The first 2 patients were diagnosed by testing with their own polyurethane paint hardeners and the ingredients of the hardeners. In 2002, an aliphatic polyisocyanate of the isocyanurate type (Desmodur N 3300) was added to the isocyanate test series, and the last 2 patients were screened with this routine series.

Results and discussion

Results of examinations:
4 patients with skin sensitisation to lacquers, coatings, and spray paints based on HDI homopolymer were described. When patch-tested, all of the patients reacted not only to the specific type of HDI trimer to which they were exposed, but also to other types of HDI trimer. Due to the substance specification in the publication these cases are relevant for HDI oligomers, isocyanurate type.

Any other information on results incl. tables

Patient No 1: not relevant with regard to HDI oligomers, isocyanurate type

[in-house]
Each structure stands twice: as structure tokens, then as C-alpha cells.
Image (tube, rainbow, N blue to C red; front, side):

Patient No 2: On patch testing, she reacted positively to one of the three hardeners (Hardener B). Hardener B was composed of 68.5 % aliphatic polyisocyanate (Desmodur N 3390 BA; Bayer AG), 12 % xylene, and 19.5 % propylene glycol methyl ether acetate. In the second patch test session, the patient was tested with the three ingredients of Hardener B, and reacted positively to Desmodur N 3390 BA. The main component in Desmodur N 3390 BA is an isocyanurate-type HDI trimer (90 %), and it also contained 10 % n-butylacetate. The patient was also positive with another isocyanurate-type product, Desmodur® N 3300, and with the biuret-type HDI trimer of patient no. 1, Desmodur N 3200. Nine control patients were negative with 2 % Desmodur N 3200, and with 2 % and 1 % Hardener B, all in pet.The patient had developed occupational allergic contact dermatitis in response to isocyanurate-type HDI trimer in Hardener B.